Researchers in Germany, though they may not source their findings the same way as what is expected here in the US, produce lineages and biographies that are normally sound and reliable. They just can’t help themselves, it is in their DNA. What you won’t find is the copy and paste mentality that some US “researchers” have. If you investigate any of the US “tree” websites you will see this copy and paste mentality. Sources for information are simply other trees that also lack source citations. This would make the average German researcher cringe.

Why is this important?  Sometimes the original records no longer exist or they not easily accessible to the average genealogist. FamilySearch has microfilmed many German records but there are some that are only available in Germany. Some of the German archives are starting to put digital images of the records they hold online but it will be many years before these collections are anywhere close to complete.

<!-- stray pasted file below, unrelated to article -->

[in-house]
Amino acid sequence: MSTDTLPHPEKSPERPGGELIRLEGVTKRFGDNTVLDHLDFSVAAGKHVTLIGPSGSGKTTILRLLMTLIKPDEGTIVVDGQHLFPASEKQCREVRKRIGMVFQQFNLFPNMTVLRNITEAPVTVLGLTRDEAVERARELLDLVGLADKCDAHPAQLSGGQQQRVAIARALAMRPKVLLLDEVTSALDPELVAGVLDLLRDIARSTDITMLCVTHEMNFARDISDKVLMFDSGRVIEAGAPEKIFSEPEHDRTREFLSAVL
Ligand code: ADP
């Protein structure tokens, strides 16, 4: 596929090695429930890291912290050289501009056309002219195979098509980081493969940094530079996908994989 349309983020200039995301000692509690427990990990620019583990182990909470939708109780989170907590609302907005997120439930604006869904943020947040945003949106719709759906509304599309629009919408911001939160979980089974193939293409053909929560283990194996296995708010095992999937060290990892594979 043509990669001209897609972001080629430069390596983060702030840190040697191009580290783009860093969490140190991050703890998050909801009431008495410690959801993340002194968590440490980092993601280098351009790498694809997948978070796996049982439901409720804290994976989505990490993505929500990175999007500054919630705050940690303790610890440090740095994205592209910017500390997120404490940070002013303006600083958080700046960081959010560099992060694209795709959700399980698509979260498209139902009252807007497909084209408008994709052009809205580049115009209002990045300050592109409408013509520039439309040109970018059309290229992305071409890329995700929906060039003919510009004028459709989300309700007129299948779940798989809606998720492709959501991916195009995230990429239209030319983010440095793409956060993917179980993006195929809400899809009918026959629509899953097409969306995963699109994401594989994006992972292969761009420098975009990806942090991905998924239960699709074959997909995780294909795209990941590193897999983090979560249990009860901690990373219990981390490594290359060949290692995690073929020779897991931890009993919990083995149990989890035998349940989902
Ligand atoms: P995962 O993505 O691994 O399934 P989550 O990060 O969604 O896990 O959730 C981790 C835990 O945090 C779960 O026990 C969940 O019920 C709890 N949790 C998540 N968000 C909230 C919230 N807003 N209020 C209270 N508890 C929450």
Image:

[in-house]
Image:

I am very lucky to have a close working relationship with a German researcher in Germany. We work on a One-Name Study together. She happens to be a graphic designer by trade so all her genealogy is produced in a graphical format. What you won’t see are source citations in her output but if I ask her where she got a specific fact she will check her detailed notes and be able to tell me. Germans do not document the same way as we do but their research is no less credible. Does this mean that I don’t think you should document your sources in an accepted format?  Of course not. What I am saying is using a German compiled genealogy can carry more weight than a US one.